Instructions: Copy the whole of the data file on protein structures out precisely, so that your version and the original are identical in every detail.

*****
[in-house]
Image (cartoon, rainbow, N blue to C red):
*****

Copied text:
[in-house]
Image (cartoon, rainbow, N blue to C red):